On Monday, June 24, 2019, the United States Supreme Court issued a decision in Iancu v. Brunetti, 588 U.S. ___ (2019), holding that the Lanham Act’s bar on registration of immoral or scandalous trademarks violates the First Amendment. At issue in the case is the trademark FUCT, pronounced as four letters, which is the clothing brand founded by Erik Brunetti. Justice Elena Kagan, writing for the majority, wrote that the Lanham Act’s bar on immoral or scandalous trademarks is viewpoint-based discrimination in violation of the First Amendment.
Brunetti was denied registration of his trademark by the United States Patent & Trademark Office (“PTO”) under the Lanham Act’s bar on immoral or scandalous trademarks. Upon review of Brunetti’s application for registration, the PTO’s Trademark Trial and Appeal Board found that “[w]hether one considers [the mark] as a sexual term, or finds that [Brunetti] has used [the mark] in the context of extreme misogyny, nihilism or violence, we have no question but that [the term] is extremely offensive.” App. to Pet. for Cert. 59a, 65a. Brunetti challenged the PTO’s rejection and the Court of Appeals for the Federal Circuit found that the Lanham Act’s prohibition on immoral or scandalous trademarks violated the First Amendment.
Justice Kagan compared Brunetti’s case to Matal v. Tam, 582 U.S. ___ (2017), where the Court held that the Lanham Act’s bar on registration of disparaging trademarks violated the First Amendment in light of viewpoint-based discrimination. Comparing Tam to Brunetti in order to draw similarities, Justice Kagan pointed out that, in Brunetti, the Government conceded that any criteria for federal trademark registration must be viewpoint-neutral in order to withstand the scrutiny of Free Speech Clause review. Justice Kagan then applied dictionary definitions used by the PTO to “immoral” and “scandalous” to read the Lanham Act’s bar on registration of immoral or scandalous trademarks as, on its face, “distinguish[ing] between two opposed sets of ideas: those aligned with conventional moral standards and those hostile to them; those inducing societal nods of approval and those provoking offense and condemnation. The statute favors the former, and disfavors the latter.” Brunetti, 588 U.S. ___ (2019).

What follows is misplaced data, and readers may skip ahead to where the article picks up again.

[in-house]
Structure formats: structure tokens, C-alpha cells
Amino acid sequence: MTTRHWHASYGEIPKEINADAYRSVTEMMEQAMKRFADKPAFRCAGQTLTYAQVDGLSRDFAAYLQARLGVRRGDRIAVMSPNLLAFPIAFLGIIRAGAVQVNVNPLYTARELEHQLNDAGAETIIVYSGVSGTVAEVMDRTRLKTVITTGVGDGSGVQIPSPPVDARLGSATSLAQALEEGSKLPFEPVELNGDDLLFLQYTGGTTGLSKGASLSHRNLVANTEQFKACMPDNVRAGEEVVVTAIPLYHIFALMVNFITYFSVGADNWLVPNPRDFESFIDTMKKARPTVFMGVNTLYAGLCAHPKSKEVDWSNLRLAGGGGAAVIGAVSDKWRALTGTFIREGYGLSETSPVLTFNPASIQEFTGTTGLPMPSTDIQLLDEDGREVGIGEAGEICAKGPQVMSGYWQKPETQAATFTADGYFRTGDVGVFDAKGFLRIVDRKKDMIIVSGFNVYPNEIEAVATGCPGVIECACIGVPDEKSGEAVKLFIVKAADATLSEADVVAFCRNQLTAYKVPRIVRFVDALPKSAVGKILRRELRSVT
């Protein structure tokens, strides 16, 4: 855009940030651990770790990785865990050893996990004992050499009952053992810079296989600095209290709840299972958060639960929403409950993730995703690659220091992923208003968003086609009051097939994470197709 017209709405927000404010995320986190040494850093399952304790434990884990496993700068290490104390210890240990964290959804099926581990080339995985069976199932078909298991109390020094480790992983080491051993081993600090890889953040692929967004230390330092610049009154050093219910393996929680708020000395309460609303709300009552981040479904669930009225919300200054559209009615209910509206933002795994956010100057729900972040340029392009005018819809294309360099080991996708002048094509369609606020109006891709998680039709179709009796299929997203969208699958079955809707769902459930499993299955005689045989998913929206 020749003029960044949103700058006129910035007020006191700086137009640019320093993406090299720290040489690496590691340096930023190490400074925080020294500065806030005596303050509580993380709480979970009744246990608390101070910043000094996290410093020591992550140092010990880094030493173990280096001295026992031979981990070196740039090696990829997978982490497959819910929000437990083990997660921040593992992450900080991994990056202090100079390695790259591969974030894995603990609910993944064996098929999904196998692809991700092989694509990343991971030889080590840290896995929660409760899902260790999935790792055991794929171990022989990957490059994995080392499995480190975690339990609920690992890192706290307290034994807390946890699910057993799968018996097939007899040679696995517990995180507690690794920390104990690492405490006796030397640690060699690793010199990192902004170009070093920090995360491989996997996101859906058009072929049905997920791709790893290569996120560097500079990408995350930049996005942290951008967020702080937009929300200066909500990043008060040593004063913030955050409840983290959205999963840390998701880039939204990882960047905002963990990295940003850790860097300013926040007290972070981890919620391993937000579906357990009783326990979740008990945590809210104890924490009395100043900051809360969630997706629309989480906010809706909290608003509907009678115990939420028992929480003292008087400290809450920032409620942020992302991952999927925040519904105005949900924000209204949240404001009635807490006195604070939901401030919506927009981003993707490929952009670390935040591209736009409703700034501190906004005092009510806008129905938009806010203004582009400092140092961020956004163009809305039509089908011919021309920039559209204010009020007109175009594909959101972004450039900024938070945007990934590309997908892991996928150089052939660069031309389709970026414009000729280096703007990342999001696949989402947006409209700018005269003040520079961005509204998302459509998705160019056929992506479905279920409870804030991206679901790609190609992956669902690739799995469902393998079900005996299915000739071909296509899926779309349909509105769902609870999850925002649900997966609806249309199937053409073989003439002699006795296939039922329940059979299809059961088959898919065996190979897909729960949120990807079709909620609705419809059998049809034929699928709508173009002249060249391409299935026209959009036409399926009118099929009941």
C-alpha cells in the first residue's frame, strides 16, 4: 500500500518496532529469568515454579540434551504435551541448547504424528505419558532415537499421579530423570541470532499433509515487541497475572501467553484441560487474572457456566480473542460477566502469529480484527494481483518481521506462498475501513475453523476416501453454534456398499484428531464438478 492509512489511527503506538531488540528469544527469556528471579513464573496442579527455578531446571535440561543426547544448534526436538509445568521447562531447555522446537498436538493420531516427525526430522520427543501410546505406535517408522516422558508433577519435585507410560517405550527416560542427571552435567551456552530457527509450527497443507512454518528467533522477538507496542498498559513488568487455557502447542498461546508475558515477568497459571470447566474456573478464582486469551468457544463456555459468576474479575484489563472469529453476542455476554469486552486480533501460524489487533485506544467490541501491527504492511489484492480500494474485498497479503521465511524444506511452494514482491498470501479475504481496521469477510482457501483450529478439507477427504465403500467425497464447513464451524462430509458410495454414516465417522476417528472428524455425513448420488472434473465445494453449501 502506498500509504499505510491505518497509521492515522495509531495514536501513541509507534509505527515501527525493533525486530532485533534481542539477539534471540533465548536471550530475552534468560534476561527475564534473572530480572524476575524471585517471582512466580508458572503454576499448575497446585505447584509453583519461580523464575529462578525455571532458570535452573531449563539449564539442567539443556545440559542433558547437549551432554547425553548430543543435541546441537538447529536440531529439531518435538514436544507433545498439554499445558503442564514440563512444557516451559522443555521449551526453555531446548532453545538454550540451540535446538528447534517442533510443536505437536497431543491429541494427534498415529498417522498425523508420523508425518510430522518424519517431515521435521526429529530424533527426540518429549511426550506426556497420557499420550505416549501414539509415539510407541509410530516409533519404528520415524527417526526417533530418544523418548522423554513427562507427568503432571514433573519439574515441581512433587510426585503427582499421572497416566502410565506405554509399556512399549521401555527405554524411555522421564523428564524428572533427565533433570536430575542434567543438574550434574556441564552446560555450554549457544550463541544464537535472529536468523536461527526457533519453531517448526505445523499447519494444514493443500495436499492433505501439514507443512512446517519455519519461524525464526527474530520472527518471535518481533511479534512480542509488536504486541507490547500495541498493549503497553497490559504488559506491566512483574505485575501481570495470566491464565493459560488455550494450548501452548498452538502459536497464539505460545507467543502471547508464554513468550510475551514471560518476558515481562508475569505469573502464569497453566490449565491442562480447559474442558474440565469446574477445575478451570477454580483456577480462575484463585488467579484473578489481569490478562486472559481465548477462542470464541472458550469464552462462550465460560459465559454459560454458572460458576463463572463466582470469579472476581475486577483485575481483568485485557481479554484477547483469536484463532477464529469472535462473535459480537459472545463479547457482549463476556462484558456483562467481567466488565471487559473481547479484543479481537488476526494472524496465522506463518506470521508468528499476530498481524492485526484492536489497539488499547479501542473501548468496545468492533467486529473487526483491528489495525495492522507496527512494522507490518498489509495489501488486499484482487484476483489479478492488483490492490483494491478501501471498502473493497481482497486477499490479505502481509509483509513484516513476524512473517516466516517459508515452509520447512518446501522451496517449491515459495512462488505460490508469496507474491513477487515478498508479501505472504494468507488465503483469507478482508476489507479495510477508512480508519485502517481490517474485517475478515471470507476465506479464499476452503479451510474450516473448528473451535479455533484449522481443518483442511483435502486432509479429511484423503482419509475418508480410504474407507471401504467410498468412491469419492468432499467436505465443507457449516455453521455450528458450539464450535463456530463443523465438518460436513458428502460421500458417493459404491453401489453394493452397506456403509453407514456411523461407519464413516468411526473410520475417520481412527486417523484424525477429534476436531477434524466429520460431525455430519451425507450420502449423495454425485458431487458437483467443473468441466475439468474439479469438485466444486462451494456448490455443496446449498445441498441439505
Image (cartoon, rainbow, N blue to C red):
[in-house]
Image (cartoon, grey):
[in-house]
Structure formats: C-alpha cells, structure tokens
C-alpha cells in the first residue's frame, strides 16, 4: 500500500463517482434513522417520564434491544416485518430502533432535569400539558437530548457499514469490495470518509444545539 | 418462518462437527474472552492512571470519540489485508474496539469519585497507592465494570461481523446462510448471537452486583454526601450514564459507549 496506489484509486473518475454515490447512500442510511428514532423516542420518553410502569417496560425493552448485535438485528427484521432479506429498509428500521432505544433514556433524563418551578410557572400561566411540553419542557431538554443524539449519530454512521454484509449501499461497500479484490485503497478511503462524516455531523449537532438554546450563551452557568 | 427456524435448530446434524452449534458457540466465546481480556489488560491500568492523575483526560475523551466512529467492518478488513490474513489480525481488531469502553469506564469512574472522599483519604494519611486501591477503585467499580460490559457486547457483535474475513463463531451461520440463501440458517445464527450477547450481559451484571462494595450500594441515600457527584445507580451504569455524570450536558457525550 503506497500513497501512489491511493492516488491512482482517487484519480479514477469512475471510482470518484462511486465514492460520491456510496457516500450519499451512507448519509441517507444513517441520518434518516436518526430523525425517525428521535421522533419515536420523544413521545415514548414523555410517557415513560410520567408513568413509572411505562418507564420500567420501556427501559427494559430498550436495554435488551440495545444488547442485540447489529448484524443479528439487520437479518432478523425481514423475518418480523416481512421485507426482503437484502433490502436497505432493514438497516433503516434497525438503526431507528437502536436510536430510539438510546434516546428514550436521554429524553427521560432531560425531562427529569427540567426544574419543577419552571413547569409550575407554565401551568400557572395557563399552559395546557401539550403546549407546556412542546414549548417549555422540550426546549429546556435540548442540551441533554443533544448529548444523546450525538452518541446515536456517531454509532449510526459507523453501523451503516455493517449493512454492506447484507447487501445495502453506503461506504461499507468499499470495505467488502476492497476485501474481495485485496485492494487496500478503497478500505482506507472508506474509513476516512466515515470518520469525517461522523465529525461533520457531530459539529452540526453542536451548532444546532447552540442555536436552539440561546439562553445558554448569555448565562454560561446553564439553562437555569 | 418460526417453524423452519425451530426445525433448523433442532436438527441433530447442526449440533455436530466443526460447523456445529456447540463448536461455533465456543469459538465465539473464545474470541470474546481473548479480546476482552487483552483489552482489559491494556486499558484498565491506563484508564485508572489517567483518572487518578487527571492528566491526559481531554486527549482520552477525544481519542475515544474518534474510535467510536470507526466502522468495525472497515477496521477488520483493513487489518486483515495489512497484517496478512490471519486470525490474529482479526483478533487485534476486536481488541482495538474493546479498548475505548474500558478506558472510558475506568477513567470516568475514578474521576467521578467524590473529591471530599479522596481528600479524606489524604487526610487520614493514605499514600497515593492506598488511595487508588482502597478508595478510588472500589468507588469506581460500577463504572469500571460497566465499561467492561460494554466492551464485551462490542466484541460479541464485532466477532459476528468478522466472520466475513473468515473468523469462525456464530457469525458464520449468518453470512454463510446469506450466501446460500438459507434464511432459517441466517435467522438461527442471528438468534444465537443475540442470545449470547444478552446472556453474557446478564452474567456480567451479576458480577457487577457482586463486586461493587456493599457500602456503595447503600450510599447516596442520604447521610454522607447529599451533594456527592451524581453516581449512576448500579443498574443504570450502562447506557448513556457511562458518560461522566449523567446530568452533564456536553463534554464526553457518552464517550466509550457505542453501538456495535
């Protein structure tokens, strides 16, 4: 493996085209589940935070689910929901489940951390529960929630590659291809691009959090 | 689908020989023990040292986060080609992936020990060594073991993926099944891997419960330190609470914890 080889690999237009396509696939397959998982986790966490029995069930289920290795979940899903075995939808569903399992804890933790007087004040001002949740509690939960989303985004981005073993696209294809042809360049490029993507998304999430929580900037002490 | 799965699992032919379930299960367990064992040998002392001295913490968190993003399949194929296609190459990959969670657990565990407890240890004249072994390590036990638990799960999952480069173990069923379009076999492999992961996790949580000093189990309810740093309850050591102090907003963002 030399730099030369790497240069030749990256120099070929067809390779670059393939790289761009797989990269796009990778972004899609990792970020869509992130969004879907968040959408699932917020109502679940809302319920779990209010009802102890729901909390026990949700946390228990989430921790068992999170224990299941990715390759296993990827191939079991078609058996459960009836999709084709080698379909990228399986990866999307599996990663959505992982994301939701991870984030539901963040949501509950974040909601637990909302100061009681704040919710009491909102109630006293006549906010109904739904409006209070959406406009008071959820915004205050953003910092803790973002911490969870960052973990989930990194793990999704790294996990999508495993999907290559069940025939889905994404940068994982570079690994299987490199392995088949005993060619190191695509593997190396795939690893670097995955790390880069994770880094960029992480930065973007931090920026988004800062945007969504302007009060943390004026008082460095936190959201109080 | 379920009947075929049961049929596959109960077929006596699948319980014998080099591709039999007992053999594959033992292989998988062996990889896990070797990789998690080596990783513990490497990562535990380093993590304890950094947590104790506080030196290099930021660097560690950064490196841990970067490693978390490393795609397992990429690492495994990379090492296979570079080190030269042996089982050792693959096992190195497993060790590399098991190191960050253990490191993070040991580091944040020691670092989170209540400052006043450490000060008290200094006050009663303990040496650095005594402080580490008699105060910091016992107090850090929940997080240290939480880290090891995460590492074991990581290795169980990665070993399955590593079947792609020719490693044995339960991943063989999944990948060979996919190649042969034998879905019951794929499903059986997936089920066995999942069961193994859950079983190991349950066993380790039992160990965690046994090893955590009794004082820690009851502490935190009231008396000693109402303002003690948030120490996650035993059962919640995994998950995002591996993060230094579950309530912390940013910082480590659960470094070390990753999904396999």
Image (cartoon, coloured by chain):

Continuing on, Justice Kagan reasoned that because the statute, on its face, is viewpoint biased, the law results in viewpoint-based discrimination in application. Justice Kagan discussed a few examples where the PTO refused to register trademarks expressing “immoral” or “scandalous” views about drug use, religion, and terrorism, but approved registration of other trademarks expressing more widely accepted views on the exact same topics. The Government argued that, under the First Amendment overbreadth doctrine, the immoral or scandalous provision should be upheld against facial attack because the unconstitutional applications of the provision are not “substantial” in comparison to the “the statute’s plainly legitimate sweep.” United States v. Stevens, 559 U.S. 460, 473 (2010). Justice Kagan pointed out that the Court has never applied such an analysis to any viewpoint-discriminatory law. In Tam, the Court’s finding of viewpoint bias concluded the matter. In Brunetti, the Court found the prohibition on registration of immoral or scandalous trademarks to be substantially overbroad and, thus, in violation of the First Amendment.
Supreme Court sides with ‘subversive’ clothing designer in First Amendment case, The Washington Post (June 24, 2019)